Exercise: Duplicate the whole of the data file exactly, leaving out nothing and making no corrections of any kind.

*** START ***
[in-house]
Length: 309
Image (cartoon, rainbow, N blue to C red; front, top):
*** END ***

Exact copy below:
[in-house]
Length: 309
Image (cartoon, rainbow, N blue to C red; front, top):